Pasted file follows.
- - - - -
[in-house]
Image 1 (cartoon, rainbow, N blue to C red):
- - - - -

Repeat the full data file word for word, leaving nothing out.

[in-house]
Image 1 (cartoon, rainbow, N blue to C red):